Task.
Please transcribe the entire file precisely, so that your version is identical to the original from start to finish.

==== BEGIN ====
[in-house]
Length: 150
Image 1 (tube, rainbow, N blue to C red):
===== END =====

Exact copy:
[in-house]
Length: 150
Image 1 (tube, rainbow, N blue to C red):